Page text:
Page 2 of 4 FirstFirst 1234 LastLast
Results 11 to 20 of 40

Thread: Snow Job on the New Jersey ESCR bill?

  1. #11
    Banned Faye's Avatar
    Join Date
    May 2003
    Location
    Jacksonville, FL
    Posts
    6,839
    Quote Originally Posted by dan_nc
    It's a shame that there was so much publicity about NJ funding ESCR, whereas the text of the bill actually didn't specify how the funds were to be allocated and projects prioritized. A bunch of the money that was thought to be allocated for hESCR went to other permitted projects.
    Thank you Dan, that is precisely so.

    CIRM explicitly says that stem cell research that the NIH doesn't fund will get HIGHEST PRIORITY, and so far that's all they've funded.

    Quite the opposite is the case in New Jersey.

    AND the Keck Center at Rutgers is quite the beneficiary of the extra funding for areas already covered by NIH, coming from what was mostly billed as a State ESCR bill.

    Very fishy indeed.

    "There’s far too much unthinking respect given to authority,” Molly Ivins explained; “What you need is sustained outrage.”
    Kerr, Keirstead, McDonald, Stice and Jun Yan courageously work on ESCR to Cure SCI.

    Divisiveness comes from not following Christopher Reeve's ESCR lead.
    Young does ASCR.
    [I]I do not tear down CRPA, I ONLY make peopl

  2. #12
    Quote Originally Posted by Faye
    CIRM explicitly says that stem cell research that the NIH doesn't fund will get HIGHEST PRIORITY, and so far that's all they've funded.
    CIRM recommended funding for two grants to find new waysof deriving ESCs -- through cell fusion and cellular reprogramming -- both methods you decried as decoys.

    McGreevey's 2005 budget was where funding was provided. (pdf)

    Rutgers received $2.5 million to build the stem cell institute.
    ...it's worse than we thought. it turns out the people at the white house are not secret muslims, they're nerds.

  3. #13
    Banned Faye's Avatar
    Join Date
    May 2003
    Location
    Jacksonville, FL
    Posts
    6,839

    Here is the List of Mostly Projects already eligible for NIH funding

    Quote Originally Posted by Faye
    Thank you Dan, that is precisely so.

    CIRM explicitly says that stem cell research that the NIH doesn't fund will get HIGHEST PRIORITY, and so far that's all they've funded.

    Quite the opposite is the case in New Jersey.

    AND the Keck Center at Rutgers is quite the beneficiary of the extra funding for areas already covered by NIH, coming from what was mostly billed as a State ESCR bill.

    Very fishy indeed.
    I case you want to verfy this for yourself here is the list:

    They finally released some funds, low and behold most went to ADULT STEM CELL research or other than hESC

    Stem Cell Grant Award Recipients
    Stem Cell Graphics
    The Commission on Science and Technology received 71 complete applications for New Jersey’s $5 million Stem Cell Research Grant program, including proposals from private life science companies as well as New Jersey’s research universities and nonprofit institutions.

    The Commission voted Dec. 16 in a public meeting to award Stem Cell Research Grants to the following:

    Treena Arinzeh Ph.D. New Jersey Institute of Technology $295,362
    Nanofiber Scaffold for Stem Cell Based Cartilage Repair
    To test whether stem cells can be used to repair cartilage defects with the potential for providing new tissue engineering therapies that could help cancer patients who have had tumors removed from bones, osteoporosis and other cartilage and tendon damage.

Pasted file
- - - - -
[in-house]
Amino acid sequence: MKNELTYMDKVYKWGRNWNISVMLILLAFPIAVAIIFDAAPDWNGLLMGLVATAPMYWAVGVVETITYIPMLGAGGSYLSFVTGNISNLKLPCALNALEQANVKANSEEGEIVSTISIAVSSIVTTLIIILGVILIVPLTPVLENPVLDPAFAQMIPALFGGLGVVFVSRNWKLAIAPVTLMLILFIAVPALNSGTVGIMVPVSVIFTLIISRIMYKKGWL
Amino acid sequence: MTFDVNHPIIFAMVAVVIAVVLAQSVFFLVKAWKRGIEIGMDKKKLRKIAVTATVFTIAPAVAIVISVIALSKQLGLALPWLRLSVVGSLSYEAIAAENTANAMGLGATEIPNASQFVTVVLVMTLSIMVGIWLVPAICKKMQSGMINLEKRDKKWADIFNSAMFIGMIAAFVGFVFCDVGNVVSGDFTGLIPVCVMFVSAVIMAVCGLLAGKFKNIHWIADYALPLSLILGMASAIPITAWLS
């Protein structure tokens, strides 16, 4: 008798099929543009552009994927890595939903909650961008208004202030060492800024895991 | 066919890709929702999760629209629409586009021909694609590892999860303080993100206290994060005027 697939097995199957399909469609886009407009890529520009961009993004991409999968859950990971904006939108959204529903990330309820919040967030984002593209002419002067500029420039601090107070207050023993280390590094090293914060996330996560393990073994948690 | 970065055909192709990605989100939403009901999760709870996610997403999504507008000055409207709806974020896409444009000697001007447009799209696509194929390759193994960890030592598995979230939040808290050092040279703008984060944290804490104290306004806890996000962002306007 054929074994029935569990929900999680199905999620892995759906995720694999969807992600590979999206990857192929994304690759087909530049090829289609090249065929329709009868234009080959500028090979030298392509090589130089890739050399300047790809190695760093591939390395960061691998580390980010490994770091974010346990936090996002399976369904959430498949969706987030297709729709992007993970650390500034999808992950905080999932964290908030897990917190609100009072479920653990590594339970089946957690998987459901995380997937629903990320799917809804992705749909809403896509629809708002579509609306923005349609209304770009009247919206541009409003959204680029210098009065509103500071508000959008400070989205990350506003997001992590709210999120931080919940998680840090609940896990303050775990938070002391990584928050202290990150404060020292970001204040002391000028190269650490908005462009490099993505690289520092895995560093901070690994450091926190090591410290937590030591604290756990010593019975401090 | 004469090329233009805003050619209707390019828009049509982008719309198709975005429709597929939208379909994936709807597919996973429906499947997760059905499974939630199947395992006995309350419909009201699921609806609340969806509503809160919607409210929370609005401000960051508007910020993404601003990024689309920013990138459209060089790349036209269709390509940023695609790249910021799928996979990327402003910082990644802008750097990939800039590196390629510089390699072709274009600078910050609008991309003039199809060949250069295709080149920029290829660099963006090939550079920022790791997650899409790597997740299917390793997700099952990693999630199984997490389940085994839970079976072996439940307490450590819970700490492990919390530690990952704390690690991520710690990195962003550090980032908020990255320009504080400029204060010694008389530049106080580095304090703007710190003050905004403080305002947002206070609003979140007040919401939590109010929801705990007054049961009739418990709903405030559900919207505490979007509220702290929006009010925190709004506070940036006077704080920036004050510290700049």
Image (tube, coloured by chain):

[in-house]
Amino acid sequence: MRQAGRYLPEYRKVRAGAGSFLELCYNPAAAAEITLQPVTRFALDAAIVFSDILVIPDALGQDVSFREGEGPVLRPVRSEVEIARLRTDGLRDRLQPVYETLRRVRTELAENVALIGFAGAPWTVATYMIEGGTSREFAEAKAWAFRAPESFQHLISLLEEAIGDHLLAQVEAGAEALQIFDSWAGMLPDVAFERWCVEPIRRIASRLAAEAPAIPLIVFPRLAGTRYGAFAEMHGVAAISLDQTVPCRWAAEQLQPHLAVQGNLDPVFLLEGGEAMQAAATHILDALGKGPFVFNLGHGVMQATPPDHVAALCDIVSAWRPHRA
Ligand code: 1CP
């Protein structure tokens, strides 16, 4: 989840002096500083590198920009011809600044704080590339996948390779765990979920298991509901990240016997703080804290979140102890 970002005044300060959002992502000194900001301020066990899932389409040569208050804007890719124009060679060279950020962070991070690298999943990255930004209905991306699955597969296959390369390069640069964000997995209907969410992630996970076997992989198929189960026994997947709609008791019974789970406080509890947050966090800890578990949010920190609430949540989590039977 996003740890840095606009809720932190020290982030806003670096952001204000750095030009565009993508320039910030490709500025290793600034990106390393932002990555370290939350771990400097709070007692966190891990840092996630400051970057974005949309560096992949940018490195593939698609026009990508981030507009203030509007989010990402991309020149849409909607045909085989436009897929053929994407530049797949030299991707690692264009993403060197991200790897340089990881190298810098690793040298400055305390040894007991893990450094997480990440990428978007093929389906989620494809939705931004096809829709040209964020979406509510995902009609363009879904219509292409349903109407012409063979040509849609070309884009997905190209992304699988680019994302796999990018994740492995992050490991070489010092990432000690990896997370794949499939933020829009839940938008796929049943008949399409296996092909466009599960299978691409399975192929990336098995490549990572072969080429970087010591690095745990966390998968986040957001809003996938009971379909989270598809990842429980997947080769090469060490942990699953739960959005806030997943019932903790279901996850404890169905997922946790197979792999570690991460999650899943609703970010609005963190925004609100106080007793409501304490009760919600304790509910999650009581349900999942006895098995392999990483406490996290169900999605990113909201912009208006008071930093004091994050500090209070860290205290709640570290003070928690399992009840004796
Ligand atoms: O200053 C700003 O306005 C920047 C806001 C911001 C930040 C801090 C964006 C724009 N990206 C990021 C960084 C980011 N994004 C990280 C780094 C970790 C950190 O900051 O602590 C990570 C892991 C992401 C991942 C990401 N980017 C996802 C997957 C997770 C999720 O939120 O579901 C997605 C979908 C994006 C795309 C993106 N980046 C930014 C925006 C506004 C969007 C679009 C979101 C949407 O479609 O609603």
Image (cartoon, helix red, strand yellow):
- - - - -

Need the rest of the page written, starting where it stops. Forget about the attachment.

Rick Cohen Ph.D Rutgers University $299,403
    Center for Applied Training in Human Embryonic Stem Cell Biology
    To provide basic and advanced training in the field of human embryonic stem cell biology and to develop a well-trained pool of scientists in New Jersey proficient in hESC culture techniques with the goal of advancing New Jersey’s leadership in stem cell research.

    Ronald Hart Ph.D.Rutgers University $275,590
    Regulation of microRNA Gene Expression in Differentiating Neural Stem Cells
    To understand and control differentiation of neural stem cells with the potential to produce specific cell types for therapeutic transplant in brain trauma, stroke, spinal cord injury, Parkinson’s and Alzheimer’s disease.

    Hristo Houbaviy Rutgers University $300,000
    MicroRNAs MiR-290-295 in Blastocyst-Derived Stem Cells and the Early Mouse Embryo
    To understand stem cell development and lineage determination with the goal of expanding and improving knowledge of areas of stem cell biology currently not well understood.

    Ihor Lemischka Ph.D Princeton University $300,000
    Genome-Wide Functional Analysis of ES Cell fate Regulation
    To understand human embryonic stem cell decisions such as survival/death, renewal/determination and to understand how to maintain or induce specific cell fate with the goal of applying this knowledge to patient therapies.

    Randall McKinnon Ph.D. UMDNJ-RWJMS $300,000
    Gliogenic Potential of Human Placental Stem Cells
    To identify mechanisms of glial cell generation from human placental cells with the goal of identifying a potential alternative to embryonic stem cells for clinical trials. In collaboration with Celgene, a New Jersey-based biotech firm ranked sixth largest internationally.

    Kateri Moore DVM Princeton University $299,970
    Interactive Mechanisms of Stem Cells and Microenvironments
    To further understand the mechanisms of stem cell self-renewal and commitment toward the purpose of developing new therapies or advancing existing therapies for use in drug development and for gene and cell therapy for immunological and other diseases.